Boeing Reorganizes Defense Division After Third-Quarter Losses (Aviation Week, 11/17/2022)

Boeing’s Defense, Space and Security (BDS) division announced an organizational streamlining on Nov. 17 as the $26.5 billion business unit seeks a return to growth and to curtail mounting losses on fixed-price development programs. … Boeing also announced the restructuring three weeks after BDS reported a 20% reduction in quarterly revenues and a $2.8 billion reach-forward loss on five fixed-price development programs. Those same programs have accounted for $11.5 billion in reach-forward losses overall since 2014.

But in addition to the impacts to shareholders, there are more subtle and perhaps far-reaching impacts from Boeing’s management mistakes. Richard Aboulafia discussed those impacts in a recent editorial at Aviation Week.

He wrote that Boeing’s current situation “is not good for the long-term health of the U.S. aerospace industry, the broader U.S. economy or the aerospace workforce. But one overlooked consequence of Boeing’s woes is the possible impact on U.S. defense.” He cites three potential impacts to the United States’ national security posture, as follows:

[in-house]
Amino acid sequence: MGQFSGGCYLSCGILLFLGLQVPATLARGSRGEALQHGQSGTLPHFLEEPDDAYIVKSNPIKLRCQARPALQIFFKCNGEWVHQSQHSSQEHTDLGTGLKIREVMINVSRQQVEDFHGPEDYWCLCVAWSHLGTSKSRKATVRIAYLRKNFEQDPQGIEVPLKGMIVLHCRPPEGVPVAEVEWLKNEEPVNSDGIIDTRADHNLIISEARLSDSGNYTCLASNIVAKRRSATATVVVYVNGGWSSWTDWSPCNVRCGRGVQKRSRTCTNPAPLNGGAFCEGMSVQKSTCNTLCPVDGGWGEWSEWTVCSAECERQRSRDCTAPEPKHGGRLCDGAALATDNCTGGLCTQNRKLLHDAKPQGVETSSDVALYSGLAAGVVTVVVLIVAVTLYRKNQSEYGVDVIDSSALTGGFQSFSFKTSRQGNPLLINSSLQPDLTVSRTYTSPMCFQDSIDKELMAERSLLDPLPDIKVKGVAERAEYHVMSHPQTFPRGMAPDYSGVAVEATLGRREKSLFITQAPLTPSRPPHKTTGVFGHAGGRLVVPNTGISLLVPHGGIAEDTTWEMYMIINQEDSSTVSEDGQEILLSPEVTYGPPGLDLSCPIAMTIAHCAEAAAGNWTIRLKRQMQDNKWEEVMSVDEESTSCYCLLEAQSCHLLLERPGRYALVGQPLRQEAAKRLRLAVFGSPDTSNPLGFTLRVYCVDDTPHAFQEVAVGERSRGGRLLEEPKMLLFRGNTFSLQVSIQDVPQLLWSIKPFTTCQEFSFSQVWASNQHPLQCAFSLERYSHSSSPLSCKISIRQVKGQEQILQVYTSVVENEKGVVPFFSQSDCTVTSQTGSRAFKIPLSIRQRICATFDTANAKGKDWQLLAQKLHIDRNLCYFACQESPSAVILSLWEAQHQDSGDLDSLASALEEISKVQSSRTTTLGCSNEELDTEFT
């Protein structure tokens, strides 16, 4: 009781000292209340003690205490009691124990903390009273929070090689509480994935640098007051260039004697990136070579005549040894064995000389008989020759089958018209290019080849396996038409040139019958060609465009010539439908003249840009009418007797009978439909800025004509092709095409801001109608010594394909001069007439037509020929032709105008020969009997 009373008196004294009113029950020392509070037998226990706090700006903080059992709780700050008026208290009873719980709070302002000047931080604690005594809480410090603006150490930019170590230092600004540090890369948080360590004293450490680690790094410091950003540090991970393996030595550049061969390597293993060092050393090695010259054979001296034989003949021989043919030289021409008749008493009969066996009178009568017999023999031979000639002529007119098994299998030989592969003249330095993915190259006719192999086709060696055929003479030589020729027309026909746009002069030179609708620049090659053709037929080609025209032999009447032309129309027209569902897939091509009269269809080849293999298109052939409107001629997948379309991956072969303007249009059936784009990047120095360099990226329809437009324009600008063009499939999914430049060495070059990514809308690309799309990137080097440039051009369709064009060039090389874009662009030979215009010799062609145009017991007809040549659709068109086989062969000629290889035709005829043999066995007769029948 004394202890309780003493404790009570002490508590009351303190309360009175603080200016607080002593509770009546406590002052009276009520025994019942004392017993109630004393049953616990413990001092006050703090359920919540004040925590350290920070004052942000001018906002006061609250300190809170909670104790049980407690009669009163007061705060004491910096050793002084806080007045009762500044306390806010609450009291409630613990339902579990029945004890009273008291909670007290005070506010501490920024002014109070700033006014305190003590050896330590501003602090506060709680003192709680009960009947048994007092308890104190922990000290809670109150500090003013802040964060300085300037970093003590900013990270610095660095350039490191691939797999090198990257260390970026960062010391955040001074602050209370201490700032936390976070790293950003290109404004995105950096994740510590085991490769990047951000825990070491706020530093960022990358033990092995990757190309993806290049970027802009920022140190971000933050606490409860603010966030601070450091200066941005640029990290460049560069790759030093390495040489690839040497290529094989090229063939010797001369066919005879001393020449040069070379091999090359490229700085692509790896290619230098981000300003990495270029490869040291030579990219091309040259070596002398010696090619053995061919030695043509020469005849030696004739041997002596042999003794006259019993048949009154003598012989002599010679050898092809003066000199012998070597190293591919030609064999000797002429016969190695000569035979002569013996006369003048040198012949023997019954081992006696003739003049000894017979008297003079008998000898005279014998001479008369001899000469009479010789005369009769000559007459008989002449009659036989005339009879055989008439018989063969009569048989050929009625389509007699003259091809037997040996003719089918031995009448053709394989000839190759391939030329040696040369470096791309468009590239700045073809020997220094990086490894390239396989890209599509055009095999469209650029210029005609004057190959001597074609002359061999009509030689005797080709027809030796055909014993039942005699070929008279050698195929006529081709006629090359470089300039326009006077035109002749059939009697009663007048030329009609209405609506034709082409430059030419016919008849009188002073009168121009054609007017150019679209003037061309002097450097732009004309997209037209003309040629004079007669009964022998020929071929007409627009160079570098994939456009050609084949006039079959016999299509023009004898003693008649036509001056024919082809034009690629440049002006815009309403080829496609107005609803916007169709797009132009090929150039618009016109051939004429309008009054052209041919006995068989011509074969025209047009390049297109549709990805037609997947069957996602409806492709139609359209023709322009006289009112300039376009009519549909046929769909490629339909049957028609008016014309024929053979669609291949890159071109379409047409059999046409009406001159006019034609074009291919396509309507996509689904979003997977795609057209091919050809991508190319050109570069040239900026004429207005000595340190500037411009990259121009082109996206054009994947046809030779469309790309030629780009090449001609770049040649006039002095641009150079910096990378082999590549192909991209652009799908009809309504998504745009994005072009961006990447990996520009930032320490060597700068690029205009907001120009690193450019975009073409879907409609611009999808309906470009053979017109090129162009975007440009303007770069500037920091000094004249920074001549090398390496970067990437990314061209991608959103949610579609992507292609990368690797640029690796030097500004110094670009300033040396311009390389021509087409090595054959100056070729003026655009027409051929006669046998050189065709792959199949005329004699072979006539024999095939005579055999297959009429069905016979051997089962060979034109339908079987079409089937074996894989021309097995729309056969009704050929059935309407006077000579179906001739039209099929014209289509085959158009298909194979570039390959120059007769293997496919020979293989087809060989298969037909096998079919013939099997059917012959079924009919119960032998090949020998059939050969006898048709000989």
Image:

First, BDS execution problems mean the U.S. military services will have to keep using older, less reliable systems that are costly to operate. With KC-46 and T-7 delays, even the oldest KC-135 tankers and T-38 trainers will soldier on well past 60 years of age. Pentagon efforts to procure interim or supplemental systems—an Air Force/Navy trainer or the Air Force’s KC-Y tanker—are uncertain.

Second, an industrial base decision might have been made for the Pentagon, whether it wants one or not. BDS losses reflect low bids on relatively low-tech programs; it is not clear whether Boeing can hope to bid on new programs that require more advanced engineering, particularly if past performance is a key selection factor. … Boeing could also be disadvantaged by Pentagon concerns about the company’s in-house design capabilities. Boeing’s 2015 Long-Range Strike Bomber loss to Northrop Grumman in part reflected Air Force concerns about Boeing’s strategy of relying on Lockheed Martin for much of the design work. Relying on Saab for much of the T-7 design may be viewed as a risky tactic, too. … The Air Force’s Next-Generation Air Dominance program looms large over this. If it excludes Boeing, and if the Navy’s F/A-XX either stalls or excludes Boeing, we can assume there are now two competitors for new fixed-wing military contracts, not three. The Defense Department does not want less competition for future programs and has signaled opposition to mergers resulting in that outcome, but it might have to live with that reality anyway.